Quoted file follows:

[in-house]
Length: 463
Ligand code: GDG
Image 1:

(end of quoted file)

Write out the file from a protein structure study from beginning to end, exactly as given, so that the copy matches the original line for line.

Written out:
[in-house]
Length: 463
Ligand code: GDG
Image 1: